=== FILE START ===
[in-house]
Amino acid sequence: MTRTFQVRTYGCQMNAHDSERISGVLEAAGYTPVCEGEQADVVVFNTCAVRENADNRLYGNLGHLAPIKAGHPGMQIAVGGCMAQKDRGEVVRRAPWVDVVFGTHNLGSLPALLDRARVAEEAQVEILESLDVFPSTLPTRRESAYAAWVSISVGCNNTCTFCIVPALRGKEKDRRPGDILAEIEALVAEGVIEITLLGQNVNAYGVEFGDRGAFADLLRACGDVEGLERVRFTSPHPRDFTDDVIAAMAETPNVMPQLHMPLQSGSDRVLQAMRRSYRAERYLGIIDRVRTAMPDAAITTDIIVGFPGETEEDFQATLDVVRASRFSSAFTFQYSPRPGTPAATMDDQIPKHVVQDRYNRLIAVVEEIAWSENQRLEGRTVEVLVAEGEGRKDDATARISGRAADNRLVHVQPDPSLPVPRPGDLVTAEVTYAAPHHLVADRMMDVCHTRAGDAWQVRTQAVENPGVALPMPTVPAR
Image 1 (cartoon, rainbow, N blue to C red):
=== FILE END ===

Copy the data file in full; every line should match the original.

[in-house]
Amino acid sequence: MTRTFQVRTYGCQMNAHDSERISGVLEAAGYTPVCEGEQADVVVFNTCAVRENADNRLYGNLGHLAPIKAGHPGMQIAVGGCMAQKDRGEVVRRAPWVDVVFGTHNLGSLPALLDRARVAEEAQVEILESLDVFPSTLPTRRESAYAAWVSISVGCNNTCTFCIVPALRGKEKDRRPGDILAEIEALVAEGVIEITLLGQNVNAYGVEFGDRGAFADLLRACGDVEGLERVRFTSPHPRDFTDDVIAAMAETPNVMPQLHMPLQSGSDRVLQAMRRSYRAERYLGIIDRVRTAMPDAAITTDIIVGFPGETEEDFQATLDVVRASRFSSAFTFQYSPRPGTPAATMDDQIPKHVVQDRYNRLIAVVEEIAWSENQRLEGRTVEVLVAEGEGRKDDATARISGRAADNRLVHVQPDPSLPVPRPGDLVTAEVTYAAPHHLVADRMMDVCHTRAGDAWQVRTQAVENPGVALPMPTVPAR
Image 1 (cartoon, rainbow, N blue to C red):